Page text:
April 09, 2009

The Elephant in the Room: Obama vs. United States by Rick Santorum


The Elephant in the Room: Obama vs. United States
The president is contemptuous of American values. And one key nominee
prefers the judgment of other countries and global elites.

By Rick Santorum

Watching President Obama apologize last week for America's arrogance -
before a French audience that owes its freedom to the sacrifices of
Americans - helped convince me that he has a deep-seated antipathy
toward American values and traditions. His nomination of former Yale
Law School Dean Harold Koh to be the State Department's top lawyer
constitutes further evidence of his disdain for American values.

This seemingly obscure position in Foggy Bottom's bureaucratic maze is
one of the most important in any administration, shaping foreign policy
in the courts and playing a critical role in international negotiations
and treaties.

Let's set aside Koh's disputed comments about the possible application
of Sharia law in American jurisprudence. The pick is alarming for more
fundamental reasons having to do with national sovereignty and
constitutional self-governance.

What is indisputable is that Koh calls himself a "transnationalist." He
believes U.S. courts "must look beyond national interest to the mutual
interests of all nations in a smoothly functioning international legal
regime. ..." He thinks the courts have "a central role to play in
domesticating international law into U.S. law" and should "use their
interpretive powers to promote the development of a global legal

Koh's "transnationalism" stands in contrast to good, old-fashioned
notions of national sovereignty, in which our Constitution is the
highest law of the land. In the traditional view, controversial
matters, whatever they may be, are subject to democratic debate here.
They should be resolved by the American people and their
representatives, not "internationalized." What Holland or Belgium or
Kenya or any other nation or coalition of nations thinks has no bearing
on our exercise of executive, legislative, or judicial power.

Koh disagrees. He would decide such matters based on the views of other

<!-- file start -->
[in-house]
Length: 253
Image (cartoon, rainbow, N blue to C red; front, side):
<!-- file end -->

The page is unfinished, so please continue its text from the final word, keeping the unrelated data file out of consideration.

countries or transnational organizations - or, rather, those entities'

Unsurprisingly, Koh is a strong supporter of the International Criminal
Court, which could subject U.S. soldiers and officials to foreign
criminal trials for their actions while fighting for our security. He
has recommended that American lawyers work to "undermine" official
American opposition to the court.

If only Koh's transnationalism ended there. Our Eighth Amendment's
prohibition on cruel and unusual punishment? Koh believes it should be
reinterpreted in light of foreign and international law to pay "decent
respect to the opinions of humankind."

Old fogies like me believe we ought to pay more attention to the
opinions of the Founders who wrote the Constitution and the people who
have lived under it. If Americans want to end the death penalty, they
can do so through their elected state representatives.

If foreign opinions trump those of Pennsylvanians on capital
punishment, why not on other issues? Why not, indeed: Koh thinks
"international comity" trumps American sovereignty. He believes that,
since certain nations recognize a right to same-sex marriage, our
courts should, too. He wrote that "the principles of human dignity and
autonomy that are the essence of the modern right-protecting democracy
demand that civil marriage be available to all couples and that the
equality of all citizens triumph over historical attitudes."

What's beneath this legal jargon? Simply this: Even if marriage in
Pennsylvania has always been understood as involving one man and one
woman - even if Pennsylvanians, through referendum or constitutional
amendment, decide it should remain so - none of that should count. What
should count are the views of courts in other nations or international

"I'd rather have [Supreme Court Justice Harry] Blackmun, who used the
wrong reasoning in Roe to get the right results," Koh wrote of the
landmark abortion case, "and let other people figure out the right

Stunning and revealing: Koh tells us it doesn't matter if the right to
abortion can be found in the Constitution. In fact, he concedes that
Blackmun's reasoning was wrong. But it is up to others to get it right.
How? By finding out what the United Nations, European Union, or
particular European nations think.

Koh tops the list of Obama's potential Supreme Court nominees. Is this
what Sen. John Kerry meant when he once suggested that American policy
must pass a "global test"? Or what Barack Obama meant when he said last
week that we have failed to "appreciate Europe's leading role in the
world"? Or when he spoke of "change we can believe in"? And just who
are "we"?

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